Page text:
School-Based Youth Services Program Resolute in Commitment to its Students Throughout the Pandemic
As a vital element of New Brunswick Tomorrow’s mission to improve the life prospects of New Brunswick’s youth, the School-Based Youth Services Program (SBYSP) in partnership with NJ Department of Children and Families(DCF), Youth Advocate Program(YAP), and New Brunswick Board of Education (NBBOE), provides an array of services to around 2,000 public school students annually to ensure continued success beyond high school.
As a vital element of New Brunswick Tomorrow’s mission to improve the life prospects of New Brunswick’s youth, the School-Based Youth Services Program (SBYSP) in partnership with Youth Advocate Programs, and with funding from NJ Department of Children and Families, and New Brunswick Board of Education, provides an array of services to around 2,000 public school students annually to ensure continued success beyond high school. This comprehensive social service program provides individual counseling, group counseling, class presentations, and youth development and employment preparation. These services are administered by a team assigned to each school consisting of a Site Administrator, Mental Health Clinician, and Youth Development Specialist.
With New Brunswick schools still observing virtual learning protocols, SBYSP is more important than ever as students continue to adjust to virtual learning. Not only have the students had to adjust, but the SBYSP staff has had to acclimate from in-person services to tele-health, Google Meet, and Google Classroom sessions. While this change comes with its own set of challenges, Mental Health Clinician, Aracelis Montalvo, and Youth Development Specialist, Leidy Cuas (members of our team at New Brunswick High School), say the change has helped them develop a better rapport with the students.
“I think we’ve gotten a chance to learn more about the family dynamics because kids are at home and if they can’t meet or if they have something going on, they’re more likely to explain, ‘Well, my mom works from this hour to this hour and I have to take care of my siblings.’ So we have more of a lens into their lives at home and what’s going on there. There’s just more connectivity,” said Mrs. Cuas of getting to know the students better outside of the school.
While the SBYSP staff still provides the same level of support to students, whether counseling or college and career preparation, these services are now provided through a lens of the pandemic. While early on many students viewed virtual learning as a fun break, there have now been two New Brunswick High School senior classes that have had to make major decisions to either prepare to go to college or enter the workforce during this pandemic. The difficult transition from high school was made more difficult by the fact that many students struggled to stay motivated while learning from home. SBYSP has had to be nimble in the way it delivers services, and tailor its programming to fit how each student is handling the disruption.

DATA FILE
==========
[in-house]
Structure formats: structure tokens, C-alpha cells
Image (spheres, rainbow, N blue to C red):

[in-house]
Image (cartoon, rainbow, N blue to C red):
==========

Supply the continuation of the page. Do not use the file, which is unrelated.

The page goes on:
On how the students have reacted to the changes in their learning environment this last year, Ms. Montalvo said, “For last year’s seniors, it was very big on, ‘This has ruined my entire experience. This is not okay. I want to go back as soon as possible.’ And this year, I had asked one of my groups, this was when we were still potentially going back in February, I said, ‘Are you excited? Are you happy about coming back?’ and 95% of them were like no. ‘I have a lot of anxiety towards maybe getting COVID in the school. I have a lot of anxiety about switching up my schedule all over again.’ They’ve adjusted and at this point in the year, they’d rather not go back. Then, I’m also still seeing a whole other half of students that are like, ‘I still don’t do well with this. I’m not logging in. I’m not learning. I’m not figuring this out. I don’t feel like I will learn anything until we go back.‘ Truly such a mixed bag.”
Currently, high school students are set to return to school on April 19th. If that return does indeed take place, there will be a whole new set of adjustments needed to address heightened anxieties around social interactions and managing new schedules. For many students that SBYSP serves, the learning curve is even steeper as not only are New Brunswick schools a new experience for them but so is the American school system itself. SBYSP focuses on tailored interventions like the Newcomers Group for these students, which places new-to-the-country students in workshops to help them adjust. During the pandemic, at-home priorities tend to shift to basic necessities so many students don’t have the opportunity to talk through their mental health. For SBYSP, the key to keeping students on track, while still remote and in anticipation of going back, is giving the students the space to talk through their anxieties and help them find solutions whether providing knowledge or coping skills. With so many things shifting, SBYSP is a constant for our students in New Brunswick during a difficult time.